This image speaks two thousand words. First, it reminds me of how uniforms, up until very recently, used to be such a common way to define roles.  I have never had occasion to wear identifying dress, and I long to, for I am a person who feels so much more comfortable in social situations where roles are clearly defined: teacher/student, waitress/customer, maid/lady-of-the-house. In the nebulous world of parties, mixers, and meet-and-greets, I am lost, hopelessly awkward because what people see when they look at me is not what I see or feel when I look at myself. I used to have a uniform of sorts, a beard, which helped me tremendously, defining me as a manly man, but I have shaved it off, determined to lose that crutch.  Also, this image reminds me of the role typically taken by the female – the servant, the helper, the come-behind – the role in which I feel much more comfortable.  Lastly, the dejected “I-must-accept-my-role”expression on the maid’s face makes me swell with sympathy and identification.

Gender dysphoria never leaves me alone, but sometimes it completely consumes and overwhelms.  My therapist said controlling your thoughts is key to controlling your emotions, but I have tried to stop pushing down thoughts like I did that day in the cabin in Shenandoah National Park.  I can’t fight it anymore.  I don’t wish to.

my name is laura

What follows is a fictional autobiography.

My name is Laura, and I am 21 years old today.  In four months, I will have my journalism degree.  My mama and daddy are so proud of me, as I am the first person in our family to graduate from college.  I’ve lived with my parents all my life, but, soon, I will break out on my own, and I’m quietly thrilled at the prospect, even though I love my parents very much.  Will they be as happy when I am gone?  I worry, for I am an only child.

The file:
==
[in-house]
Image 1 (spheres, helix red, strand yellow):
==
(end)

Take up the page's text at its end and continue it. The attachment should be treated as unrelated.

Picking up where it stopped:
Writing is my passion now. I put the same energy into it that I used to put into ballet when I was small, and to playing the viola in high school.  Pirouettes and pizzicatos have fallen by the wayside for me; now, I want to go to Washington and cover the political beat.  The Equal Rights Amendment is gaining momentum in Congress now.  That’s pretty exciting, but still I wonder sometimes, is the way the world is changing for women the way I want to go?  In my heart, I know that I’m still a fairly traditional girl.

My father, finally, got a desk job at Coca-Cola after driving their trucks for almost twenty-five years.  He is a gentle, hard-working man with a stubbly, sharp jaw who likes watching football.  He and I have probably watched the Jets play a hundred times, though I would be happy just watching Joe Namath.  I could enjoy his handsome face a lot better if he’d just take off that blasted helmet!  I don’t think my father has made a great deal money working for Coca-Cola; perhaps he could have done better, but college wasn’t really an option for him.  I’m sure he must be proud of our middle-class life, considering his hardscrabble existence as a child.

I’m told my mother used to be a librarian before she married my father, but her work since she married has been being the best wife and mother any two people could ask for.  She is a fairly meticulous lady who takes great pride in her appearance, and I have to admit her habits have rubbed off onto me a good bit.  Even though the sofa and easy chair in our den are the same ones I crawled behind and hid when I was five, it’s still in good enough shape to keep, because mom has kept them clean over the years, and even fixed a broken sofa spring, once.